Beware of Greeks bearing gifts was the apocryphal advice one ancient skeptic offered upon seeing the Trojan horse. After years of heavy losses, investors in Greek banks have learned to be similarly wary. Lenders have ambitious plans to shed more than a third of their bad and doubtful debts. But without a clearer idea of what buyers might pay, shareholders have little clarity over how much more pain lies ahead.
Almost eight years since the Greek debt crisis, banks are still saddled with gross dodgy loans worth €101 billion equivalent to half their total lending. Under pressure from the European Central Bank, lenders aim to reduce that to €64.6 billion by 2019, helped by selling loans with a face value of €11.6 billion.
That target is optimistic: banks sold loans worth just €1.8 billion in the nine months to the end of September.
Historically, buyers have been put off by costs, legal risks, and political uncertainty. Better economic growth — GDP is expected to expand by 2.7% this year — and falling bond yields should help.
So could a government plan to expand online auctions of repossessed properties. That will help banks recover the collateral, and could also persuade some defaulters to begin servicing their debts again.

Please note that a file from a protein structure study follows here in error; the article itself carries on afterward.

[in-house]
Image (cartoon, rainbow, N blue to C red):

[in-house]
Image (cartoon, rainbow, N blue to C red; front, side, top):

The absence of any big loan sales, however, makes it hard to know whether banks have set aside sufficient provisions to avoid further writedowns. Take Piraeus, Greece’s second-largest lender by assets. Cash provisions cover 70% of the value of its €22.1 billion of defaulted loans. However, throw in €11.7 billion of loans that have been restructured in the past or are at risk of going sour, and coverage drops to a less impressive 46%. To raise provisions to 70% of the entire portfolio, Piraeus would have to set aside a hefty €8.1 billion.
Much distress is already priced in: Piraeus has a market value of just €1.6 billion and trades at less than half its book value. A healthier economy has helped shrink outstanding bad debts by 7.6% from their peak in March 2016, according to Bank of Greece data. But banks will need to offload more loans at decent prices before shareholders can be reassured that they will avoid another mauling.
(The author is a Reuters Breakingviews columnist. The opinions expressed are his own)